One year ago this week we were just beginning to learn about the pandemic sweeping the world. Our lives were interrupted, changed, upended as we began to navigate through our daily lives with a potentially deadly virus on the loose. I remember the irony of watching spring unfold around us as we hunkered down in lockdown, unable to leave our homes, go to work, or function in any normal pattern.
This year, the irony is in watching the number of COVID-19 cases and deaths decrease and the number of vaccinated people increase as my brother continues to lay in a hospital bed fighting this disease, a full and tragic 31 days on life support. And yet, as he remains immobile and dependent on machines and medical professionals, life is erupting all around me. Our little homestead is coming out of the restful darkness of winter into a bright green and growing spring.
Each morning we walk the property, looking for every sign of new growth (and cursing the damage done to the tender roots of some of our plants by voles during the winter months). In spite of their rabid appetites, we still have many perennials leafing out, sprouting, and otherwise showing signs of life. We’ve also started prepping our vegetable gardens and are noticing insects beginning to fly and crawl around us. We saw a fritillary butterfly near the creek and then a blue azure near the house this week. Other flying insects are hovering above the water. Flat-backed millipedes and earthworms are abundant near the surface of the gardens. Tiny speedwell and violets, henbit and bluets are showing up along roadsides and in yards.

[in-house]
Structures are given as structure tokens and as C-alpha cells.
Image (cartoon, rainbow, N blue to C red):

The birds are equally excited about spring. Our yard has been full of robins lately. The bluebirds continue to land on our doors and windows and check out the nest boxes. The cardinals, phoebes, finches, chickadees, and titmice are singing their spring mating songs and vying for nesting sites all over the yard.
The daffodils we planted in the fall are popping up and beginning to flower. Our flower and vegetable starts are growing. I put the onion starts in the ground this week and planted peas and turnip and radish seeds. While we wait for them to grow, we munch on the abundant edible wild greens that nature offers us – chickweed, wild onions, cresses.
As the sun moves higher in the sky and the daylight hours lengthen, I am grateful for the warmth of the sun, the dark skies and bright stars, the flowers and the predictable patterns of life that teach me of cycles and seasons and events beyond my control. I cannot predict nor control the fate of my brother. But I can be in this moment, fully engaged with this place, this space, the people who surround me, and appreciate the joys of being here now. In the circle of seasons, spring gives us hope, and I hope that you are enjoying the bounty of spring wherever you are in this moment.
Tell me what you are seeing in your spring space right now.